I want to love David Price — really, I do — but he won’t let me.
Why, David Price? Why won’t you let me love you?
I know, I know: He’s been fantastic during the second half of this season. Coming into last night’s game against the Yankees, he was 5-0 with a 1.56 ERA in nine starts since the All-Star break. So, you know … yay! David Price!
Except, aside from a great relief performance in Game 3 of last year’s ALDS and a win against the Yankees that capped off a four-game sweep at Fenway this summer, I can’t remember a time that Price has come up big during a particularly meaningful Red Sox game.
And, yes, last night’s game qualifies as “particularly meaningful,” despite what the folks on Twitter who ridiculed me for saying so would have you believe. I mean, c’mon: a Red Sox vs. Yankees game at Yankee Stadium in late September during which the Sox have a chance to clinch the A.L. East division title? That isn’t just another game … and you know who would wholeheartedly agree with me? Those same folks who ridiculed me … but only if Price had pitched well enough to win. Then? Well, then, those folks would have been all “See? David Price is The Man! He got the division-clinching win! He’s a Yankee Slayer! No need to worry about him in the postseason, my friends!”
Sadly, the truth remains that, as a postseason starter, Price still has an 0-8 record, and, since joining the Red Sox, is 0-6 at Yankee Stadium, where he has given up 33 earned runs and 13 home runs , in just 30.1 innings of work. So, yes, in the great scheme of things, last night’s game isn’t a huge deal … but I, for one, was hoping to see Price turn in a confidence-boosting performance that didn’t involve giving up four earned runs — three of them homers — over 5.1 innings, during which he threw roughly 9,746 pitches.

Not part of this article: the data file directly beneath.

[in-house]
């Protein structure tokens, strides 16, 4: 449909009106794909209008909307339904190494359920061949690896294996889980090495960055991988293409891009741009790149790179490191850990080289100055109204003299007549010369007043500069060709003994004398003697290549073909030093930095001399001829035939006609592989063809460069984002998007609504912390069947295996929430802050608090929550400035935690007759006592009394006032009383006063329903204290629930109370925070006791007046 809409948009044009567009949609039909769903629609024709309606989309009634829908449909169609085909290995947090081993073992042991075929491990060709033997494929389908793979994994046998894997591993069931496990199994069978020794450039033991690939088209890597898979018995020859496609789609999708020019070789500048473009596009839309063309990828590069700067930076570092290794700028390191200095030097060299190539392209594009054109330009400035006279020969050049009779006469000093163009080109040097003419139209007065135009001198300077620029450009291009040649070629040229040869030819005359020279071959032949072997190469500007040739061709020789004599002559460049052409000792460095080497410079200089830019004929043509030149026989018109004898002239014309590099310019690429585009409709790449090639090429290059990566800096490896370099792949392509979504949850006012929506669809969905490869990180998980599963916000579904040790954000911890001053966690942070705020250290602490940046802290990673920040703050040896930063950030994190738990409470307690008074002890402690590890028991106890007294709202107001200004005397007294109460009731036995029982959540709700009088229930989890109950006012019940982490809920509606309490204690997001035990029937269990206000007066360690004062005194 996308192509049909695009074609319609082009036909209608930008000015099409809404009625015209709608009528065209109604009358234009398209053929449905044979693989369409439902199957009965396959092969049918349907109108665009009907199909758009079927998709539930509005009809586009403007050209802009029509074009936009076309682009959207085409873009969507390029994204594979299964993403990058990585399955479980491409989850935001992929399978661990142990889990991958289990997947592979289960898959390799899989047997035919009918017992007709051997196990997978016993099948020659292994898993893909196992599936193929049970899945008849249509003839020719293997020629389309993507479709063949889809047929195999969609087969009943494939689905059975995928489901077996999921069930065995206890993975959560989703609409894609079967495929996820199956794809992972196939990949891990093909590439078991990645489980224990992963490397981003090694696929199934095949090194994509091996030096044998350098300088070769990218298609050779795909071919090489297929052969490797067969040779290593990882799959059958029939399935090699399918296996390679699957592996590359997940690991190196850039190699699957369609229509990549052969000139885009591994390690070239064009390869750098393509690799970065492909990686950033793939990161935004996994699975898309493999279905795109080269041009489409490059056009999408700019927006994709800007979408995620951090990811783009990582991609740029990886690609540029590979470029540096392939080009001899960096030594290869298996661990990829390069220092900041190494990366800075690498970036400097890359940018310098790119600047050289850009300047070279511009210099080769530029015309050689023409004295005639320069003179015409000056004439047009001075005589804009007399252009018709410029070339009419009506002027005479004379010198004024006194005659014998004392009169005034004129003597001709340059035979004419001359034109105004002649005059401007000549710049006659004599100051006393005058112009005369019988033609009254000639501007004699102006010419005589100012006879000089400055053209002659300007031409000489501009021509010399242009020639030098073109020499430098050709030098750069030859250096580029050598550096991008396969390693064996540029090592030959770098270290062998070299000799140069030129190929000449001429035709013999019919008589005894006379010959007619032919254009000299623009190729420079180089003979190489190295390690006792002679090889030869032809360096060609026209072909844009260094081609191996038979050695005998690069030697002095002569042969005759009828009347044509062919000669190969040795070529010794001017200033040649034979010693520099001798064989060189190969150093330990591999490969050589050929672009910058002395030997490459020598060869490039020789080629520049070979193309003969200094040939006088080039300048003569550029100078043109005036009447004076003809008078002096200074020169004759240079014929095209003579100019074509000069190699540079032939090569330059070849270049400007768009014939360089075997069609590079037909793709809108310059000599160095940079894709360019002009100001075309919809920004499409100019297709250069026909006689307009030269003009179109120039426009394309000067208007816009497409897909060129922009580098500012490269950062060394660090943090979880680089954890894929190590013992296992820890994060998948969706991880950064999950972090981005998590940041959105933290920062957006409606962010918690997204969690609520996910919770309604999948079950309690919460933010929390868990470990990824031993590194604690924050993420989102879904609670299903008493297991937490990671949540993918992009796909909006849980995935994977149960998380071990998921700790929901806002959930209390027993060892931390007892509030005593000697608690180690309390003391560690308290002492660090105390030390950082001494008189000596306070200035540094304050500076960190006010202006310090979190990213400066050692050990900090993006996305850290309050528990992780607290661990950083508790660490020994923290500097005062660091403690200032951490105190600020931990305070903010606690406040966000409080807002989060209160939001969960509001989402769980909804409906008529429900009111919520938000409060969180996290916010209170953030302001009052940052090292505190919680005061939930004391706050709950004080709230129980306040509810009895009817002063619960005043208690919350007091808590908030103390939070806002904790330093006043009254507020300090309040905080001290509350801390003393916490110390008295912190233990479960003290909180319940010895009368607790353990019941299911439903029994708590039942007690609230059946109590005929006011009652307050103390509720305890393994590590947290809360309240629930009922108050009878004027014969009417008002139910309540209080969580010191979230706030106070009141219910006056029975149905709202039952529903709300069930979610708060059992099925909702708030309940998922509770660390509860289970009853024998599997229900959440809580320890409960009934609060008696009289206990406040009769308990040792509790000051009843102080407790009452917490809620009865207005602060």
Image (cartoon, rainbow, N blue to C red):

And speaking of those three homers: Please miss me with your “Those ahn’t dingahs in any othah ballpahk!” bullshit. When you’re at Fenway, both teams have to deal with a 40-foot wall in left, 310 feet away from home plate. When you’re at Yankee Stadium, both teams have to deal with a short porch in right. You might not like the field dimensions, but they’re the same for both sides, and when the ball travels through fair territory and lands in the seats, that’s a home run. David Price didn’t give up three short fly balls that happened to count as runs through no fault of his own; he gave up three homers.
Of course, not everyone agrees with my assessment … to include former Red Sox infielder and current WEEI personality Lou Merloni (of whom, by the way, I am a big fan; he is easily my favorite ‘EEI personality … but that doesn’t mean I always agree with him). Lou reacted to one of the three aforementioned home runs as follows, and I responded thusly:
Sox hitters have the same short porch this game, FWIW.
Price wilts in big games.
— ⚾️ Jon Zal ⚾️ (@JonZalSox) September 20, 2018
Lou — who, admittedly, knows a little more about baseball than I — did not concur.
Price was fine. They scored 4 runs on pop fly outs and then Nunez’s error https://t.co/HQjqJWI5Cy
— Lou Merloni (@LouMerloni) September 20, 2018
Well, I still don’t agree with him about the “pop-fly outs” thing, nor that Price was “fine” … but he’s not wrong about Nuñez.
So, yes, I will gladly admit that a very costly error, a dormant offense, and a weak performance by the bullpen played at least as much of a role in last night’s “L” as did David Price’s shaky start. And, fortunately, it will amount to little more than a brief delay in the Sox’s inevitable acquisition of the A.L. East title. But still … I want to love David Price … and last night, he would not let me. And not for the first time.
To his credit, Price didn’t try to use that short-porch BS as an excuse for his performance.
“Everybody’s playing in the same park,” he told reporters after the game. “It’s not like the fences move back when we hit or move forward when they hit, so it’s part of it.”
Well said, David. Well said.
Now, please: Let me love you.